It's in the interest of the governments of both British Columbia and Washington State to encourage people to use public transportation instead of driving passenger cars, and moving people between Vancouver, Seattle, and Portland is part of this picture.

Washington State has done a good job with this. They fund the Vancouver-Seattle train, another train from Seattle to Bellingham, and they just announced the addition of a third train to the Seattle-Portland route. (this doesn't include the Seattle-Los Angeles train, which Washington State doesn't contribute to.) Washington State has also been funding track improvements, which will reduce travel times in the Bellingham-Portland corridor. New stations have been built in Bellingham, Mount Vernon, and Everett, and the King Street Station in Seattle is getting a renovation.

The new stations in towns north of Seattle are an obvious indication that Washington State wants more trains running through them. What's the holdup? The B.C. government.

The Amtrak people want track improvements in Delta, but the B.C. Government, borrowing a page from the Bush administration, is more interested in shutting down passenger trains than subsidizing them. One could try telling them that passenger trains from Seattle would be helpful in bringing people here for the 2010 Olympics, but this line of reasoning didn't stop them from discontinuing passenger service on the B.C. Rail line from North Vancouver to Whistler. What might help is some more prodding from Vancouver and other Lower Mainland municipalities, and from the tourism industry.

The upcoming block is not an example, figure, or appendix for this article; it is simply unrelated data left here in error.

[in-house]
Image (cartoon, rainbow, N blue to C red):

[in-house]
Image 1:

Here's another problem that affects me personally. There are no stops for picking up and dropping off passengers between Vancouver and Bellingham. This means that every time I take the trip to Seattle, I have to take the Skytrain from New Westminster to Main Street, get on the train, then ride it back to New Westminster. (The Amtrak trains cross the Fraser River using the old railroad bridge next to the Patullo Bridge.) The Vancouver-Seattle trains that existed prior to 1981 made stops in New Westminster and White Rock. The passenger stations that were used are still there. The one in White Rock is a museum, and the one in New Westminster, which is within walking distance of the Braid Skytrain station, is used for office space by Burlington Northern Santa Fe.

Let's put these facilities back in use, and make travelling by train between the Lower Mainland and Seattle more convenient for more people. The existing Amtrak Cascades service has reduced carbon monoxide and nitrous oxide emissions by hundreds of tons per year. Everybody benefits from this.

Article from the Washington State Department of Transportation: Second Amtrak Cascades Train to Canada

Amtrak Cascades site: http://www.amtrakcascades.com/

Barisoff turns "lodges for high rollers" into "modest hostels"

A letter to the editor I wrote, which was published in the Royal City Record on March 19, attracted a response (published March 30) from Bill Barisoff, Joyce Murray's successor as Minister of Water, Land, and Air Protection. You can read Barisoff's letter by clicking here (PDF); my original letter appears below.

Barisoff wrote that I "couldn't be more wrong". Well, Bill, I have to go with the information I have available, supplemented by common sense. This is the first time that I (or anyone else) have heard the words "modest hostels" used in connection with the Liberal initiative to put lodges in provincial parks.